•    Process parameters (time, detergent concentrations, flow rates and temperatures) shall be defined to ensure removal …… This shall be validated and records maintained.
•    Detergent concentrations shall be taken routinely.
•    Process verification through the sampling of rinse waters for the presence of cleaning fluids, allergens or microorganisms as appropriate.
•    Detergent tanks shall be kept stocked and records kept of both filling and emptying dates. Recovered pre-rinse solutions must be monitored for the build-up of carryover from the detergent tanks.

Holchem would advise customers to choose their terminology very carefully as in our experience many of the systems we are introduced to as “CIP” cleans are, in fact, recirculation or flush-through cleans utilising the product pump and are not actually CIP in the sense intended by the BRC standard.  However, if introduced as a CIP system then they will most likely be judged against the set of requirements and criteria contained in version 6 – in Holchem’s experience the majority of these would be highly unlikely to meet the requirements and attract a number of minors.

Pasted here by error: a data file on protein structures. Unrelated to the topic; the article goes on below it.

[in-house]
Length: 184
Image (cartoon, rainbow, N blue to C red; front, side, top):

Management of Allergens (5.2)
This section has most definitely been totally re-written from version 5 based on new developments, recalls and issues experienced by food manufacturers in the past three years – once again the BRC Technical Director has stated that this is a key area for the new standard with the requirements being extended accordingly: -
•    There is more specific guidance on measures to avoid cross contamination (including the scheduling of product runs) and these requirements will no doubt form the back-bone of the audit against this section.